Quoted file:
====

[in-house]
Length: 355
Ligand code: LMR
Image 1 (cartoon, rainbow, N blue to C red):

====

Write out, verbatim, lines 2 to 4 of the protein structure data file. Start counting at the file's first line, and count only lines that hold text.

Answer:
Length: 355
Ligand code: LMR
Image 1 (cartoon, rainbow, N blue to C red):